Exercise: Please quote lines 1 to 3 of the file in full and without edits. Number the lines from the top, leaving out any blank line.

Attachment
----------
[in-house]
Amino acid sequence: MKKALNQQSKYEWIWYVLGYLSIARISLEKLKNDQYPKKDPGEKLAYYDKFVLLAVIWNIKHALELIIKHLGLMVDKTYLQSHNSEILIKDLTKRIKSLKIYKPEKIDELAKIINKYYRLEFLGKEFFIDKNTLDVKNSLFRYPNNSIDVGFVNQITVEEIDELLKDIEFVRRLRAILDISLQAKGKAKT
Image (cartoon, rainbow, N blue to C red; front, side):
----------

[in-house]
Amino acid sequence: MKKALNQQSKYEWIWYVLGYLSIARISLEKLKNDQYPKKDPGEKLAYYDKFVLLAVIWNIKHALELIIKHLGLMVDKTYLQSHNSEILIKDLTKRIKSLKIYKPEKIDELAKIINKYYRLEFLGKEFFIDKNTLDVKNSLFRYPNNSIDVGFVNQITVEEIDELLKDIEFVRRLRAILDISLQAKGKAKT
Image (cartoon, rainbow, N blue to C red; front, side):